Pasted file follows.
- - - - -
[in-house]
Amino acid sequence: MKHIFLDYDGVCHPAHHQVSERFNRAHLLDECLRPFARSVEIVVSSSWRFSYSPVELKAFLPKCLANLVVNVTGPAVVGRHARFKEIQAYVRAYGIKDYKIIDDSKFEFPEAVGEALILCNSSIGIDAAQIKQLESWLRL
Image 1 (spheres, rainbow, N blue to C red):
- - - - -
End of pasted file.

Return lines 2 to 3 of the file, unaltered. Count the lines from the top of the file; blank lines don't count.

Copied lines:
Amino acid sequence: MKHIFLDYDGVCHPAHHQVSERFNRAHLLDECLRPFARSVEIVVSSSWRFSYSPVELKAFLPKCLANLVVNVTGPAVVGRHARFKEIQAYVRAYGIKDYKIIDDSKFEFPEAVGEALILCNSSIGIDAAQIKQLESWLRL
Image 1 (spheres, rainbow, N blue to C red):